Colors of Spring Recipes
Purple and ivory-tipped crocuses and sunny daffodils are starting to peep out of the soil—spring is almost here! To celebrate, we are bringing you the season a little early this week with a wide variety of fresh ingredients in cheerful colors, from deep, rich greens to crisp radishes in vibrant red and purple hues. Explore the bounties of spring all week long with a herb-kissed pasta dish, our housemade ham and vegetable frittata and other seasonal provisions.
Here are a few of our favorite recipe ideas to try this week:
Marge Granola owner Megan Gordon shares her tips and tricks for creating your own scrumptious batch of granola.
Bright Romanesco florets are tossed with an equally vibrant red wine vinaigrette, plus red onions, celery and capers in this fabulous salad from food blog Simple Recipes.
So easy, so stunning: Use this basic roasting method as a jumping off point for enjoying this crunchy, mellow vegetable.
SEASONAL RECIPE: FARM-FRESH APPLE BUTTER
One of our favorite pastimes during this cozy-up season is spending a little extra time in kitchen whipping up preserves to stash in the pantry. So after recently harvesting the apples from the orchard our thoughts naturally turned to warm, succulent apple butter.
Spiced with cinnamon, nutmeg, ginger and cider, the soul-soothing spread is perfect on rustic toasted bread (and makes a great hostess gift at dinner parties, too). Try making a few jars for yourself with this easy slow cooker recipe courtesy of The Apple Lover’s Cookbook by Amy Traverso:
5 pounds (about 10 large) mixed apples, peeled, cored and cut into medium-size pieces
1 ¾ cups granulated sugar
1 whole star anise pod
½ teaspoon ground cinnamon
½ teaspoon coarse salt
1;4 teaspoon freshly ground nutmeg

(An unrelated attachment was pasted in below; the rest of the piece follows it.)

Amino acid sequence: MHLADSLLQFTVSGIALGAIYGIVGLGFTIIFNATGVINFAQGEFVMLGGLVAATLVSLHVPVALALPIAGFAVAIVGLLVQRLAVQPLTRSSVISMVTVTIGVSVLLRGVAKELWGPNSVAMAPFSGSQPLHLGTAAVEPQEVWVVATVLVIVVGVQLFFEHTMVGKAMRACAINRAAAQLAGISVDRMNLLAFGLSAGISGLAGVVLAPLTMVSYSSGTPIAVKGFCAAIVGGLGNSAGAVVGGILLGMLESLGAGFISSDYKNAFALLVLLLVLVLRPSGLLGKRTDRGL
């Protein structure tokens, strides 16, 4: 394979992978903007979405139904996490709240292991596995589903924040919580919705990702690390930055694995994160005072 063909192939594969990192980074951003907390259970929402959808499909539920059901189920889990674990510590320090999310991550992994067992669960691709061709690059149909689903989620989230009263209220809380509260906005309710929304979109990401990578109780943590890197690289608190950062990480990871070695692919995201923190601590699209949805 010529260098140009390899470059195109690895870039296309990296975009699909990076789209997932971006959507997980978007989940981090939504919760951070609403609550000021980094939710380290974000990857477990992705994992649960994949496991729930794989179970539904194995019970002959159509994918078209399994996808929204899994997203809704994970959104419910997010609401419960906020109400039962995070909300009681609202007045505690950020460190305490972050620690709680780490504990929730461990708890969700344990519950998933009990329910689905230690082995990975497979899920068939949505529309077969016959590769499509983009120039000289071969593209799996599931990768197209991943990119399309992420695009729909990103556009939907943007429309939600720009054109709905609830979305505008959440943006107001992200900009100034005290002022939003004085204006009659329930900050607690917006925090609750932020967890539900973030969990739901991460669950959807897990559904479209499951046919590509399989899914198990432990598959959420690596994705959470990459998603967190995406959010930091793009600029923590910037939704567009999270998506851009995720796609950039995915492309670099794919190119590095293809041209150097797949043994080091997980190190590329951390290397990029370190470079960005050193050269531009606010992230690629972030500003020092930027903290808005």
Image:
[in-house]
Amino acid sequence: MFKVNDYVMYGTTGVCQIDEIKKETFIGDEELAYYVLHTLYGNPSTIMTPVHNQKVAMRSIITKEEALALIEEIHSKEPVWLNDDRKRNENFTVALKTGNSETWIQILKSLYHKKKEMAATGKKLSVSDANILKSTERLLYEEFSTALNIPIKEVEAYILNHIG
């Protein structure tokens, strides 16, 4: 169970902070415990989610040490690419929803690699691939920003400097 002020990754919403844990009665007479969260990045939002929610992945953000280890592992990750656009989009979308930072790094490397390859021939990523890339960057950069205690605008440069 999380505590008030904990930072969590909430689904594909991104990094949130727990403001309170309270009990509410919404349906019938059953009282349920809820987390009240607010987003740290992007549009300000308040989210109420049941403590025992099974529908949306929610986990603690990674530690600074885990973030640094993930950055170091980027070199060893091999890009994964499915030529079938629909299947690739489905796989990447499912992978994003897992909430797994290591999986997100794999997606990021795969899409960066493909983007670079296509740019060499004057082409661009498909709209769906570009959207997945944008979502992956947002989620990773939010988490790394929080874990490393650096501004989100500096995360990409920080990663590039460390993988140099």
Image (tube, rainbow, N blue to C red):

¼ teaspoon ground ginger
2 cups fresh apple cider
¼ cup fresh lemon juice
Turn a slow cooker on high and add all ingredients. Cover and cook for 1 1/2 hours, stirring occasionally. Mixture should be bubbling vigorously. Reduce heat to low and cook for 1 hour more. Remove and discard star anise pod.
With the lid set slightly ajar, continue cooking until the butter is dark brown and thick, 7 to 9 hours more. Stir well and pass through a food mill or strainer, if necessary to remove any lumps.
Place six clean 1-pint or twelve clean 1/2-pint jars right side up on a rack in a boiling-water canner. Fill canner and jars with hot water, about 1 inch above tops of jars. Bring jars to a boil over high heat; boil for 10 minutes. Using a jar lifter, remove and drain hot sterilized jars one at a time, reserving hot water for processing filled jars. Place jars on a wire rack set over a rimmed baking sheet.
In another large pot filled with water, bring to a boil over high heat and reduce to a simmer, then add clean lids and lid rings. Simmer lids for 10 minutes; do not boil, as this may cause problems in sealing jars. Drain lids and set aside.
Divide apple butter evenly among sterilized jars, leaving 1/4 inch of space at top of each jar. Using tongs, place lids on jars. Using your hands, place rings on jars and tighten (but do not overtighten). Reheat water in the canner until it reaches at least 180 degrees, within 10 minutes of filling the jars. Place filled jars into the canner, one at a time, using a jar lifter securely positioned below neck of jar. Keep jars upright at all times.
Add more boiling water, if needed, so that water covers jars by at least 1 inch. Increase heat to high and cover. Once water begins boiling, heat jars for 10 minutes. Turn off heat and gently transfer jars to a wire rack set over a rimmed baking sheet, taking care not to tilt jars and spacing each jar at least 1 inch apart. Avoid placing jars on a cold surface or near a cold draft.
Let jars sit undisturbed until fully cooled, 12 to 24 hours. Do not tighten ring bands on the lids or push down on the center of the flat metal lid until jars have cooled completely.
Once jars have cooled completely, test to make sure each jar is completely sealed: Press down on the middle of the lid with a finger. If lid springs up when finger is released, jar is unsealed. Store sealed jars in a cool place. If any of the jars are unsealed, store in refrigerator and use within several weeks.